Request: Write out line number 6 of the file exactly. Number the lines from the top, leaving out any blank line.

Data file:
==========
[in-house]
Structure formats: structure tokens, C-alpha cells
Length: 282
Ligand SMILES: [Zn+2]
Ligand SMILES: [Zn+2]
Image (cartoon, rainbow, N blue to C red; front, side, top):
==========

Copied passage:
Image (cartoon, rainbow, N blue to C red; front, side, top):